The selection of around 60 works ranges from sheets from the famous four portfolios of "Bauhaus Prints. Neue Europäische Graphik", in which the entire international avant-garde movement of the 1920s is united - from Boccioni and Feininger to Jawlensky. In addition, the Sema-Mappe from 1912, which is hardly known today, is to be rediscovered and can be seen in its entirety as a prototype of a portfolio work. In addition to the material-specific possibilities of expression, it is especially the variable technical procedures of the print medium to which the artists turn with interest. Since graphic art offers opportunities for experimentation, it often becomes a catalyst for innovative efforts and the further development of form. But also the increasing demand for graphics on the art market causes a considerable appreciation within contemporary perception.
The Sema portfolio
The artists' association Sema is almost unknown today, although important pioneers of modernism such as Paul Klee and Egon Schiele were among its members. Seen in a new context, the Sema-Mappe in particular, published by the association in 1912, reveals a hitherto underestimated significance. As one of the first graphic projects committed to a modern conception of art, it stands at the beginning of a long series of portfolio works of the 20th century.
In the exhibition, the Sema-Mappe can be seen in its entirety - from the cover and the preceding manifesto to the fifteen lithographic contributions. Its elaborate design is conspicuous by a signet developed by the artists' association. This adorns the cover as well as the individual lithographs and identifies the sheets, often torn from the complete works, to this day.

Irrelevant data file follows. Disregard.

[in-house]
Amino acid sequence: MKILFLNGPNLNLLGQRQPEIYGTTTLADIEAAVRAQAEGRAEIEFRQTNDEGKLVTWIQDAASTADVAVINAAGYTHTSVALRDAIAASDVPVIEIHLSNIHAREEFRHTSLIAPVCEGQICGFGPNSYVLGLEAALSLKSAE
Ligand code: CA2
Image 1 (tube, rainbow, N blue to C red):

The Bauhaus Folders New European Graphics
Founded by Walter Gropius in 1919 as an art school in Weimar, the "Staatliches Bauhaus" aspired to unite applied and liberal arts and captured the mood of an entire generation of artists.
Printmaking also played an important role at the Bauhaus, and both masters and students took advantage of the extensive technical possibilities of the school's own print shop. At the beginning of the 1920s, the idea was born to publish a portfolio that would summarize the entire "new European movement" in the field of graphic art. In addition to the Bauhaus masters Lyonel Feininger, Johannes Itten, Wassily Kandinsky, Paul Klee, Gerhard Marcks, Georg Muche, Oskar Schlemmer and Lothar Schreyer, 75 other artists and also the executors of the estates of artists who had already died, such as Umberto Boccioni and Franz Marc, were asked to collaborate.
The "graphic wave" of the 20th century.
"The graphic art of our days will bear witness to a later future, the most faithful document of the fevers that shake us."
This quote by Hans Tietze from the 1922 survey work Deutsche Graphik der Gegenwart clearly formulates the self-image of graphic art within the art production of early modernism. This is confirmed in a veritable flood of print expressions in the first half of the 20th century. The drawings and prints from the holdings of the Prints and Drawings Department - ranging from single sheets to portfolios - illustrate that the history of modern art can indeed be rediscovered from the perspective of the reproduction arts.
A richly illustrated catalog of the exhibited works was published to accompany the exhibition by Hirmer-Verlag Munich. In addition to introductory essays by Susanne M.I. Kaufmann and Corinna Höper, the catalog includes an index of the portfolio works and illustrated magazines published in Germany from 1910 to 1945 in the Graphic Collection of the Staatsgalerie Stuttgart.